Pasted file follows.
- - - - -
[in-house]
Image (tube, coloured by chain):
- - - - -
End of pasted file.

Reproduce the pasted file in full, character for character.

[in-house]
Image (tube, coloured by chain):